Prediction of signal peptides (SP) and transmembrane domains (TM) was performed using Phobius (Käll et al 2004) (http://www.phobius.sbc.su.se), TMHMM (http://www.cbs.dtu.dk/services/TMHMM/) and SignalP 3.0 (Emanuelsson et al., 2007) (http://www.cbs.dtu.dk/services/SignalP/) servers.

The identification of conserved domains in the proteins was performed using the batch search option in the Pfam database (Marshall et al 2004) (http://pfam.xfam.org/), the gathering threshold option was chosen. Additional manual checks were done using the Pfam (http://pfam.xfam.org/) and SMART (http://smart.embl-heidelberg.de/) databases.

Phylogeny

The C3-F region was selected for the alignments and phylogeny reconstruction because all RLPs contain this region. Sequence alignments were performed using the MAFFT (Katoh et al., 2002) algorithm available in the webserver of the European Biotechnology Institute (http://www.ebi.ac.uk/Tools/msa/mafft/). The default parameters were used, except for the number of iterations which was increased to 20. The phylogenetic tree was built using the Neighbor Joining algorithm (Saitou and Nei, 1987) with 1000 bootstraps for branch support. The tree was drawn using the Mega version 5 (Tamura et al., 2011).

Identification of eLRR-RLPs in the tomato genome

To identify eLRR-RLP family members, an initial BLAST search was performed against the database of the International Tomato Genome Sequencing Project available at the Solgenomics (SGN) website (www.solgenomics.net) using the Ve1 (Fradin et al., 2009), a typical eLRR-RLP, as a query.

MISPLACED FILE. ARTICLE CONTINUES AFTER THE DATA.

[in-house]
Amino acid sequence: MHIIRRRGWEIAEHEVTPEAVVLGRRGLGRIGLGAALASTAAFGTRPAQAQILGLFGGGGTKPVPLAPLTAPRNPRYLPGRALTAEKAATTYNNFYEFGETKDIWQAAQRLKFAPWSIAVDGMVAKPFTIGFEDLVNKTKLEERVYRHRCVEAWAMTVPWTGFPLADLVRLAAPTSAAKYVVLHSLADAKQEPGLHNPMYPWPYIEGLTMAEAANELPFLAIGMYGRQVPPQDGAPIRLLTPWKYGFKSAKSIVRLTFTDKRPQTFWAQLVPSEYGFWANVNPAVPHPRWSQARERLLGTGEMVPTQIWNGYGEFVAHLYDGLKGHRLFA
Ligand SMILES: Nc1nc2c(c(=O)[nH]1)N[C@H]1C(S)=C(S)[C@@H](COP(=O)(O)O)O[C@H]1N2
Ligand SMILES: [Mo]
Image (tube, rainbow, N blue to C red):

The E-value was set up to 1 to include sequences showing a relatively low similarity to Ve1. To saturate the query, iterative BLAST searches were performed using retrieved eLRR-RLP sequences with relatively low similarity to Ve1 as query. In each case, the E-value was set to 1 to retrieve all eLRR-RLPs from the tomato genome and iterative searches were performed until no new members were found. Subsequently, additional BLAST searches using sequences of previously characterized eLRR-RLPs (Hcr9-0 from S. lycopersicum (UniProt code: O49879; SGN: Solyc01g009690.1.1), LeEix1 (UniProt code: Q6JN47; SGN: Solyc01g009690.1.1) as queries were conducted.

This last step allowed verifying that the BLAST searches were saturated. To remove false positives, it was performed domain predictions were performed using batch search option of the Pfam database. Finally, it was manually it was checked the domain composition of every protein using the SMART and Pfam databases and the Phobius server followed by SignalP and TMHMM servers to check for signal sequences and transmembrane helixes, respectively. Since homology based methods can include LRR containing proteins which do not fit in the canonical structure of an eLRR-RLP, it was used the same stringent criteria used for Arabidopsis and rice RLP identification were used (Fritz-Laylin et al., 2005). Using these criteria 75 eLRR-RLPs were identified (Table 1).

Phylogeny of tomato eLRR-RLPs

In this study, the C3-F region was selected as the basis for phylogenetic tree reconstruction. Several characterized RLPs from different species were included in the study. We A classification did not follow theinto classification into GHG was not done, but adopted a similar procedure to define clades. It was defined a clade as subtrees containing at least two sequences, greater than 60% bootstrap support.